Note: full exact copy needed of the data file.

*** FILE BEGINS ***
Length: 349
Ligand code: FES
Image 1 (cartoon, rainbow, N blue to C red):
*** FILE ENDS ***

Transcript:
Length: 349
Ligand code: FES
Image 1 (cartoon, rainbow, N blue to C red):